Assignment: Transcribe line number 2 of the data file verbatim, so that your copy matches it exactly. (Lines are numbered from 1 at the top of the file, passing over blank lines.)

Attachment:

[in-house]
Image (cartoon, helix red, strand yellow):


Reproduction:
Image (cartoon, helix red, strand yellow):